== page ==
IMF calls for caution as ‘connect’ schemes move forward

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Increasing links between Hong Kong and mainland China financial market could create more risks, risks that one global watchdog feels Hong Kong may not be doing enough to prevent.

The International Monetary Fund (IMF) feels Hong Kong could do more to strengthen monitoring of its world-class stock market as well as the monitoring of non-bank institutions, brokerage dealers and asset managers.

In a recent preliminary assessment on Hong Kong’s financial regulatory framework, the IMF said the international financial centre must continue to maintain close and regular surveillance on relevant risks in China to help the city prevent risks arising from expanding channels connecting financial markets in Hong Kong and mainland China.

A proposal named Primary Equity Connect (PEC) has received some attention this year, as it would open up capital markets to mainland investors and bring immense amounts of capital and diversity to the city’s stock market.

This new Connect scheme would add to the existing Shanghai-Hong Kong Stock Connect launched in November 2014, the Shenzhen-Hong Kong Stock Connect launched in December 2016 and a bond market connect scheme launched earlier this year.

However, some analysts worry that the connect schemes could bring to Hong Kong markets the level of volatility that is frequent in China’s markets.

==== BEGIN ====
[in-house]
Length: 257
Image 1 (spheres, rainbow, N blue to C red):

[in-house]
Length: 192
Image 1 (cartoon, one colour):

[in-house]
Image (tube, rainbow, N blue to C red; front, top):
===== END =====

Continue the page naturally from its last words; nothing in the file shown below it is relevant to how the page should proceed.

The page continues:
“The proposal has yet to be approved, as the new registration system under the proposed connect could create some concerns of fraud or false documentation,” said a lawyer at Hong Kong-based firm Gallant Y T Ho & Co who asked to remain anonymous said.

“The delay in the move may be due to concerns that without officials to examine and approval such listing proposal, the problem of inaccurate documents and financial data might be more serious and harm the health of local stock markets.”

In fact, the HKEX has said itself that there are “legitimate concerns” in connection to the implementation of the PEC, and that sound market regulation for the PEC will have to be established to ensure a fair environment for investors, and to provide adequate investor protection and risk control.

Charles Li Xiaojia, chief executive of HKEx said in September that the clearinghouse is working with regulators from both Hong Kong and mainland China to explore ways to connect investors, but refused to give a timetable on the PEC initiative.

“This new plan still needs a lot of parties to discuss the details. What I can say is this new Primary Connect will benefit both the Hong Kong and mainland markets,” Li said.

It is not difficult to understand why concern is growing about the importance of ensuring the stability of financial market in Hong Kong and China, as the country has shown in the past that without sufficient regulatory protection, investors are prone to panic buying and selling that poses risks to the financial system.

Case in point was the summer of 2016 when China’s investors flooded into the market after an impressive rally, which eventually led to one of the biggest collapses in recent history.

Warnings from analysts around the world that suggested the Chinese market was overheated and the valuations of many listed companies were approaching irrational levels. The subsequent collapse erased trillions of Renminbi from the country’s stock market in a matter of days.

The Chinese government has stepped up its regulatory effort since then.

In November, China’s planning agency, the National Development and Reform Commission (NDRC), issued guidelines to prevent tax fraud, money laundering, illegal financing and activities that might damage the country’s reputation, also focus on cross-border capital flows.

The regulators have reiterated multiple times that they would maintain or even step up their efforts in beefing up the management of financial risks.

(Printer – R&R Publishing Limited, Suite 705, 7/F, Cheong K. Building, 84-86 Des Voeux Road Central, HK)